Amazon Kindle Fire tabletAfter months of hype, Amazon today announced the Kindle Fire, a 7-inch tablet with a $199 price tag. Amazon also refreshed its line of e-readers with a $149 Kindle Touch 3G, a $99 Kindle Touch without 3G, and a non-touch $79 Kindle.
The pricing alone is sure to spook both Apple and Barnes & Noble. Here are the details on the Amazon Kindle Fire and the new Kindle e-readers.
The Kindle Fire has a 7-inch IPS display with 1024-by-600-pixel resolution, plus a dual-core processor and 8GB of storage; it promises 7.5 hours of video playback. While the Fire has a USB port for file transfers, it offers neither a camera nor a microphone. The tablet measures 7.5 by 4.7 by 0.45 inches, and weighs 14.6 ounces.
But this tablet isn’t supposed to be about tech specs–it’s meant to be a dead-simple slate for consuming Amazon content. At the top, the interface has a search bar that can search locally, in the cloud, and on the Web. Below that is a strip of content categories, followed by a stylized list of recent content. On the bottom of the screen, users can pin their favorite apps, books, and other media.
Amazon’s digital storefronts include ebooks, movies, TV shows, music, and apps. Several magazine publishers are bringing their periodicals to the tablet as well. Although the Kindle Fire doesn’t offer much internal storage, users may store any purchased-from-Amazon content in cloud storage for free. Amazon made no mention of Google services, so don’t expect Google Maps or the Android Market to be built in.
Although the tablet is based on Android and runs Android apps, it uses a heavily modified version of the operating system that focuses more on simplicity than on advanced features.
For browsing the Web, the Kindle Fire uses a new browser called “Amazon Silk,” which taps Amazon’s cloud computing services to render pages faster. An email app is also built in, with support for multiple mail services in a single inbox.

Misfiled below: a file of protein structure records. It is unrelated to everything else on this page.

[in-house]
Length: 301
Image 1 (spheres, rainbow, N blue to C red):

Amazon says the Silk browser resides both on the Fire and on its own servers. For each page request, Silk divvies up the work between the tablet and the cloud. The result, according to Amazon, is quicker page loads and lower latency.
The Kindle Fire costs $199, including a free month of Amazon Prime, and ships November 15. Amazon is taking preorders on its website.
Amazon is not abandoning its E-Ink readers with today’s tablet announcement: The company also announced new Kindles along with the Kindle Fire tablet.
The Kindle Touch uses the same infrared touch system found in Barnes & Noble’s Nook and Sony’s touchscreen e-readers. With this Kindle model, Amazon is touting what it calls the “EasyReach” system, which lets users tap a short horizontal strip along the top of the screen to call up the menu, touch a narrow vertical strip along the left side to go back one page, or tap anywhere on the rest of the screen to go to the next page.
The Kindle Touch will cost $99 with Special Offers–a service that displays ads and deals on the device’s home page–and $139 without them. A 3G model will cost $149. Amazon is taking preorders now, ahead of the November 21 ship date.
In addition to the touchscreen Kindle, Amazon will launch a non-touch Kindle with Special Offers for $79. This model drops the physical keyboard of previous Kindles in favor of a small set of buttons on the bottom bezel, along with the usual left and right bezel buttons for page turns. Amazon says this model is 30 percent lighter than previous Kindles. Without Special Offers, this Kindle costs $109. Both versions ship today.
(This post republished from PCWorld.)